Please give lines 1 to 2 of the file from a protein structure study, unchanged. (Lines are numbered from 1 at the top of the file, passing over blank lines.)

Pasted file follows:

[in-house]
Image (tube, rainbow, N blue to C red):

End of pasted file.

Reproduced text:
[in-house]
Image (tube, rainbow, N blue to C red):